Modern Australian error available in IAG auction
- Published: Oct 9, 2022, 3 PM
When minting goes right, nobody notices, but when it goes wrong, the result can grab your attention.
An error being offered in International Auction Galleries’ Oct. 22 and 23 sale, the firm’s 96th, is spectacular evidence of just how wrong the process can go.
When the Royal Australian Mint struck this 2017 Australian 20-cent coin, a wrong planchet was used. Such an error might not be so noticeable if only the wrong metal were used, but this wrong planchet presents more obvious and dramatic problem: it was a planchet intended for a Cook Islands $2 coin. (The RAM strikes circulating coins for other countries, including Cook Islands.)
The Cook Islands coin’s triangular aluminum bronze planchet (weighing 6.8 grams) is a far cry from the 20-cent coin’s expected standard round copper-nickel disc that weighs 11.3 grams and measures 28.65 millimeters in diameter.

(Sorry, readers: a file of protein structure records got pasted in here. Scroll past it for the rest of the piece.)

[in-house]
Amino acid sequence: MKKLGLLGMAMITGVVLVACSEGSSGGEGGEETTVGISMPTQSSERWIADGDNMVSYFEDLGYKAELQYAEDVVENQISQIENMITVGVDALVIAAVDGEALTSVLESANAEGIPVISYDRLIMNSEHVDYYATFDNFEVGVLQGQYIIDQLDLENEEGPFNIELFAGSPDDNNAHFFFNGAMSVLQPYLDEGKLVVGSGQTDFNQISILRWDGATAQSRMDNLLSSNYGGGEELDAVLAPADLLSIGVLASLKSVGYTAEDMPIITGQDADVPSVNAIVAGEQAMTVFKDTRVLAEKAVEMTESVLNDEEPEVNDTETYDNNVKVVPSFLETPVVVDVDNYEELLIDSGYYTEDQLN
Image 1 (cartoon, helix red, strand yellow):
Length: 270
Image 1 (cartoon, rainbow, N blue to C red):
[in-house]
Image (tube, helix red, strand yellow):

The Cook Islands coin is supposed to weigh 7.55 grams and measures 26 millimeters in diameter on its sides.
The auction house calls this a “superb and striking major decimal error of the highest importance and the only such example we have seen.”
Graded Mint State 64 by Professional Coin Grading Service, the “very rare if not unique” coin has an estimate of $12,000 to $14,000 Australian dollars ($7,809 to $9,110 U.S.).
Another error of note
Another error in the auction is almost as striking and notable.
This coin is a 2020 Donation dollar from Australia.
Its specifications are as expected, but the color was printed on the wrong side of the coin. In this case, the color intended for the reverse was overprinted in full on the obverse, completely obliterating the image of the now-late Queen Elizabeth II.
“A rare and spectacular mint error,” this “choice Uncirculated” coin has an estimate of $2,500 to $2,600 Australian ($1,627 to $1,692 U.S.).
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